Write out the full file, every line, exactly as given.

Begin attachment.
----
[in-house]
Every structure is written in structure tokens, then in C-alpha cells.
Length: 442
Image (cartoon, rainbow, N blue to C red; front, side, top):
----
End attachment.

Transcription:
[in-house]
Every structure is written in structure tokens, then in C-alpha cells.
Length: 442
Image (cartoon, rainbow, N blue to C red; front, side, top):